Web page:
Mailman students turn out theses on aging topics from older adults as targets of fake news to overcoming barriers to preparing advanced directives

Saturday, June 15, 2019

Three graduating Mailman students spent their final semesters producing original thesis work on aging topics, filling research gaps. We are delighted to share their abstracts below. Congratulations to Evan Eschliman,  Eric Goldwein and Leora Steinberg!

 

EVAN ESCHLIMAN, MS 2019 in Sociomedical Sciences: Rethinking the Measurement of Self-Perceptions of Aging in Older Adults

Abstract: Increasing evidence points to older adults’ self-perceptions of aging being associated with health outcomes such as longevity and functional health. There are serious flaws with current methods of measurement, however. This thesis discusses the growing importance of older adults’ self-perceptions of aging given the increasing proportion of older adults in society, explains the concept’s theoretical underpinnings, critiques its current measurement, and proposes a new measurement tool that is comprehensive in scope and can elicit scores that can be compared across time and cultures. An improved measurement of older adults’ self-perceptions of aging will allow for a better understanding of how this variable impacts the health of older adults, along with better design of interventions to address its negative effects on the global population’s health.

 

ERIC GOLDWEIN, MPH 2019, History, Ethics and Law Certificate: Fake news, digital inequality, and the aging population

Online fake news has garnered significant research attention since emerging as a hot-button issue during the 2016 United States presidential election cycle. New studies suggest this digital threat disproportionally burdens older adult digital media consumers and hinders population health. Based on literature research and interviews with key informants, this thesis argues that older adult fake news susceptibility is a public health problem symptomatic of an age-based digital divide.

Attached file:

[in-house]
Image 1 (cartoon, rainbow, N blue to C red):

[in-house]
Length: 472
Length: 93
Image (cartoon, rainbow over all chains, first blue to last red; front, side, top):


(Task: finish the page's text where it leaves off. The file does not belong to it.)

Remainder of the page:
I begin by reviewing emerging research showing heightened fake news susceptibility and exposure in older adults. Next, I evaluate the role of age bias in research, policy, and public discourse surrounding online false information. I will then highlight the budding research on the adverse individual and societal health effects associated with fake news to assert that this is a public health issue comparable to online fraud and digital inequality.

I conclude by evaluating fake news interventions grouped into three categories: 1) Research, 2) Regulation, and 3) Empowerment. Using a public health framework, I analyze existing interventions and propose recommendations to curb fake news and empower older adult digital media consumers in the post-truth era.

 

BY LEORA STEINBERG, MPH 2019, Health of an Aging Society Certificate: Prevalence of Advance Directives, Barriers on Completion and How They Can Be Overcome: Needs Assessment Proposal

Abstract: Advance directives (ADs) document end-of-life treatment wishes and designate surrogate decision makers. ADs guide healthcare providers, families, and friends when the patient is no longer able to communicate healthcare decisions. ADs are an essential exercise of individual autonomy. Even though ADs allow people to express their desires for healthcare treatment, completion rates for ADs remain low among adults age 65 and older. Stakeholders should develop interventions that increase the utilization of ADs. To facilitate the implement of interventions, a needs assessment should be conducted guided by theory and evidence. This proposal focuses on older adults’ completion of ADs using the sample case of the City of New York. I propose that stakeholders obtain data for the needs assessment with key stakeholder interviews and a literature review. These needs assessments would provide insight into barriers and facilitators that influence older adults’ completion of ADs. Stakeholders can use these findings to develop interventions in particular but not only, for vulnerable populations.